franken
franken e2 Member 113098 forum postsfranken vcard Wales4 Constructive Critique Points
9 Dec 2011 - 12:40 PM

When I was studying photography many years ago my tutor said something along the lines of,

"You can use the most expensive and highest quality cameras and lenses available and you can churn out endless average and badly composed images. Alternatively you can use lower quality and priced gear and turn out well composed images with impact!

Display an average image from the expensive camera alongside a well composed image with impact from the lower quality gear and the latter will always get the most attention!"


He was absolutely right!

Ken

Last Modified By franken at 9 Dec 2011 - 12:40 PM
ade_mcfade
ade_mcfade e2 Member 1014778 forum postsade_mcfade vcard England216 Constructive Critique Points
9 Dec 2011 - 12:55 PM

I am an idiot, fair enough Chris Wink

how about this then....

I can play, badly, about 4 or 5 chords on the guitar....

I've had a go on my guitarist's 2500 customer fender guitar, and do you know what, I sounded as sh1t on that as I did on my mate's 70 acoustic

However, I'm pretty handy on the keyboard, and I've had a go on a 49,000 steinway in Forsythe's on Deansgate, Manchester.... It sounded amazing, but I also sound pretty good on my 2500 Korg Triton Extreme 88, or even a 200 casio synth.


Kit is completely unrelated to skill

Skill is what makes someone great

Kit is something they apply the skill with

The requirements of a "job" dictate which "kit" is needed.

e.g.
huge billboard campaigns need lots of pixels - enter the Hassleblads or medium format backs.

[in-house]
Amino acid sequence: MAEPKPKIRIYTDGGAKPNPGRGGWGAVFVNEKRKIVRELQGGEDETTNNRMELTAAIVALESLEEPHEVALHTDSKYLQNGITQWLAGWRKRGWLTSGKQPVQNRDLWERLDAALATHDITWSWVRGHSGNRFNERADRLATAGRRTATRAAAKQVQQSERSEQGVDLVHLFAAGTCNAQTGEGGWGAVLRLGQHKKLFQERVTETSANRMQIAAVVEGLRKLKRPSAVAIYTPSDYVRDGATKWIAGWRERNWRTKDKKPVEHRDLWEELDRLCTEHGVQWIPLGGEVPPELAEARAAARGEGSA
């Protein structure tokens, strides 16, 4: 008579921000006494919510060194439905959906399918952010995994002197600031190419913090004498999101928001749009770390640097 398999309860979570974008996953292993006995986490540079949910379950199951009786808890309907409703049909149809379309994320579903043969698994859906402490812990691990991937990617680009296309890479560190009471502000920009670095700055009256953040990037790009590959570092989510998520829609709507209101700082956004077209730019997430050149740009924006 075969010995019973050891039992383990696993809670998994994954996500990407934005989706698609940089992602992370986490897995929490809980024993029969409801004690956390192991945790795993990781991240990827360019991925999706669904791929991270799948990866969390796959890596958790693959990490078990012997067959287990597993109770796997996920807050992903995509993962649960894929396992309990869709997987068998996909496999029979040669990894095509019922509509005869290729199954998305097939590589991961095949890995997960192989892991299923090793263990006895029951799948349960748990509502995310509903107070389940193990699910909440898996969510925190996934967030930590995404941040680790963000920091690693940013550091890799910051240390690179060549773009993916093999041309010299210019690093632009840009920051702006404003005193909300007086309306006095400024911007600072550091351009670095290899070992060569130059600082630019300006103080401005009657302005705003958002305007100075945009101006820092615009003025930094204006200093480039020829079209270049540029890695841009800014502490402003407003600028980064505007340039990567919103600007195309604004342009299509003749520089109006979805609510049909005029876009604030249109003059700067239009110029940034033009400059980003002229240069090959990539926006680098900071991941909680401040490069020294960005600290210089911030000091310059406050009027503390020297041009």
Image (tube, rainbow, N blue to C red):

family portraits rarely get printed that large, so a normal DSLR is required.

sport often needs lots of frames per second in wet conditions - enter the Canon 1D series

etc.

igknight
igknight  230 forum posts United States
9 Dec 2011 - 12:58 PM

Ive seen some amazing photos with a homemade pinhole. I think I'll go with the photographer.

User_Removed
9 Dec 2011 - 1:01 PM

Try doing it without a camera. It's not one or the other, it's a combination of both

ade_mcfade
ade_mcfade e2 Member 1014778 forum postsade_mcfade vcard England216 Constructive Critique Points
9 Dec 2011 - 1:08 PM

WHY NOT TYPE IN CAPITALS AS WELL AS BOLD? WE'LL REALLY HEAR YOU THEN!!!!!!!!!

Tongue

mikehit
mikehit  56297 forum posts United Kingdom9 Constructive Critique Points
9 Dec 2011 - 1:10 PM

The camera lens in some cases lets you do things that are very difficult (if not impossbile) with another lens - for example try taking a macro shot with a 600mm f4 or a good one of a bird in flight with a 24mm prime.
As I see it the body is there to make it easier to get the shot you want - for example AF makes it easier to get a good sports or wildlife shot (just think of all those brilliant shots taken before AF came in).

To oversimplify, I think the body is more an extension of the photographer, while the lens is the real workhorse.

User_Removed
9 Dec 2011 - 1:54 PM

Let me put it a wee bit differently:

A great photographer can produce great photographs with virtually any camera. (Someone used the term "decent" camera above - nowadays, virtually any camera costing more than 30 will be "decent" )

An unskilled and untalented photographer will not produce great photographs (other than by accident), no matter how "good" his camera might be.

I don't much like the idea of assigning percentages as was asked, but - maybe 90% photographer and 10% camera. The reason that some of us spend illogical amounts of our hard-earned groats on bigger and better cameras is merely to try and push further into that final 10%.

Let me take that a stage farther:

If you took a random sample of 50 images taken by me on my Nikon D3s dSLR and 50 images taken by my wife on her Nikon P7100 compact, and viewed them full-screen on a normal computer monitor and then "ranked" them according to any subjective assessment of photographic quality, then I guarantee that my wife would have more in the top-20 than I would - simply because she has a better eye for a good photograph.

.

Last Modified By User_Removed at 9 Dec 2011 - 1:59 PM